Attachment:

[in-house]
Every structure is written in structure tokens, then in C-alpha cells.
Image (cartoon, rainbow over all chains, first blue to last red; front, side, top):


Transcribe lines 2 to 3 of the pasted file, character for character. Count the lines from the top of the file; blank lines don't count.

Every structure is written in structure tokens, then in C-alpha cells.
Image (cartoon, rainbow over all chains, first blue to last red; front, side, top):